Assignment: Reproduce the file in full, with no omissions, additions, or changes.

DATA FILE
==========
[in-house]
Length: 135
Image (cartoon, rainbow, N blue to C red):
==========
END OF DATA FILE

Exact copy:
[in-house]
Length: 135
Image (cartoon, rainbow, N blue to C red):